At the discussion on race, students expressed similar feelings about not always fitting in and having to work to find a community that understands the struggles students of color deal with every day. For example, several students connected through their examination of how internalized racism can lead to negative self-image. While some of these students have since come to love their looks—“Color makes the world beautiful,” one attendee declared—others are still in the process of getting to that place of self-acceptance.
The racial identity discussion soon turned to sharing impassioned reactions to the presidential election and especially to Donald Trump’s campaign promise to deport millions of undocumented immigrants. Several students at the event had family members who don’t yet have a green card or who had just gotten their papers in the past few weeks.
Attendee Kenji Nikaido ’20 commented on his experience at the event, saying, “I came on a whim, because my friends were coming, but it ended up being a very emotionally [cathartic] experience, especially the talk about the election…I had a lot of pent-up feelings about that. But here, it felt safe to be true to what you’re feeling.”
The discussion organizers explicitly stated that the events were not affinity spaces, and all students were encouraged to attend. However, the identities of most in attendance generally aligned with the topic being discussed. Attendee Eugene Lopez-Huerta ’20 commented, “The hardest part is that talks like We Got You are voluntary, and you inevitably have people who come to them over and over again. But you don’t see the kinds of people who might benefit the most from being in a space like this, where [aspects of identity different from their own] are being talked about.” He added, “In such a diverse group of people, I think we have an opportunity—maybe of a lifetime—to listen and share our experiences even if [the topic doesn’t] necessarily pertain to your identity or background.”
Maisva noted, “[The expansion of the series to include identities besides race] is really important, because it shows the role that intersectionality plays in the identities of people on this campus.” He added that attending many of the events allowed him to recognize his own privilege. Despite facing the marginalization that comes with being a person of color in our society, for instance, he realized at the discussion on gender that, as a cisgender male, he does benefit from some privileges that others don’t have.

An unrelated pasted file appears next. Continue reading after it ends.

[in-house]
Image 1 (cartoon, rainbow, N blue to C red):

Ballard said that while there are no concrete plans to host another “We Got You” next semester, she would like the tradition to continue next fall and hopes that the events have inspired students to have these kinds of discussions in their everyday lives. She commented, “The inherent problem is that people don’t feel comfortable just being in a space and talking. I think once people start getting more acclimated to having these conversations, they won’t feel so much like they’re going to be judged.” Ballard added that education about issues surrounding identity, even if a particular issue doesn’t personally pertain to a student, goes a long way toward making students more comfortable having these types of conversations.
Another idea for easing students’ nervousness about discussions of identity and exposing them to other viewpoints is to have more events like this during Freshman Orientation. Lopez-Huerta, who recently joined the Orientation Committee, elaborated, “Vassar is a place that boasts [of having a certain kind] of mindset, where you can be out of your comfort zone and be in a group of people that you wouldn’t have been in back home. But I think it’s also very easy to stay in your comfort zone here. I think Orientation is an important period of time for everyone to challenge that and learn to not be so uncomfortable [exploring different ideas].”